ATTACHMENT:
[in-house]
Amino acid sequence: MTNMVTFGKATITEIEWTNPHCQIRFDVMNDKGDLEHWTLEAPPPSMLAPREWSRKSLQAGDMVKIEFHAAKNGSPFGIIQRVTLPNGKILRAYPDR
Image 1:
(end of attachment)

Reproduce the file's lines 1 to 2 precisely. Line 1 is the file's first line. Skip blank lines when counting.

[in-house]
Amino acid sequence: MTNMVTFGKATITEIEWTNPHCQIRFDVMNDKGDLEHWTLEAPPPSMLAPREWSRKSLQAGDMVKIEFHAAKNGSPFGIIQRVTLPNGKILRAYPDR